What Happened at COP15

As BSR predicted, COP15 came down to hard bargaining between the United States and China, and the event materialized as much less of an end to climate policy than as a beginning. This turned out to be an understatement: no binding commitment was reached, and it is increasingly clear that an effective agreement will take much more than simply another meeting.

In terms of progress, views are mixed. Some have called it a complete failure. That is because leaders have been working on the issue for two decades and have had two years since Bali, where they agreed to develop firm action plans. Yet, at Copenhagen, nothing concrete or enforceable was produced; rather, negotiators simply agreed to have more talks, a result which the UN “took note” of—that is, acknowledged symbolically weakly.

Also, the process leading to that point was rather undiplomatic. A deal (the Copenhagen Accord) was rammed through by a few countries—notably the United States and China—without real involvement by the G77 or the EU in crafting it. This subverted the regular UN process while passing over details on critical issues like forestry and carbon markets.

On the other hand, there weren’t any surprises. In the time leading up to Copenhagen, it became clear that such a complex undertaking would require more than one event. That is due in part to the fact that U.S. President Obama cannot act unilaterally on behalf of his government, no matter how ambitious he may be.

The fact that there were no real walkouts or other disasters, and that a foundational political agreement was developed, shows that there was real progress forward. Moreover, Copenhagen proved that climate change has not only become a mainstream agenda item, but that it has become one of the most important political movements in history, with more than 100 heads of state involved (at Kyoto, there was only one there, and it represented the hosts).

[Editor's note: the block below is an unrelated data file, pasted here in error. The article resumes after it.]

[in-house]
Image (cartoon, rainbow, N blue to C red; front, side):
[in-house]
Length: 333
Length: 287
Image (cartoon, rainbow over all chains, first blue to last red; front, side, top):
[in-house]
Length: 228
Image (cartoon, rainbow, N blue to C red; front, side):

On balance, it is disappointing that Copenhagen did not produce more needed clarity and predictability to encourage companies to invest in low-carbon energy, agriculture, and emissions markets. But perhaps there will be a method to this madness. There is still time to act, and we have the ability to ratchet up commitments once it is understood how these commitments contribute to jobs and investment opportunities. Also, for better or for worse, it appears that Copenhagen will spawn negotiations and forums among smaller numbers of large countries (such as the G-20), to expedite progress. This will likely increase opportunities for businesses to contribute in progressive ways.

As for next steps, Al Gore—someone who arguably has more insight into these negotiations than anybody—offers two things: First, why not keep up the momentum and hold COP16 in Mexico City in July 2010 rather than November? Second, says Gore, “The key to success remains as it has always been: to convince people one by one, person by person, family by family, community by community, of the need for the present generation to accept and understand the obligation we have for the future of humanity, to take the steps necessary in our time to safeguard their future.” Gore is referring to grassroots communication. Keep that in mind as the U.S. Senate debates American legislation—which will be key to building (or losing support for) multilateral commitments—this winter.

Originally published at BSR.

Corporate Climate Leadership at Copenhagen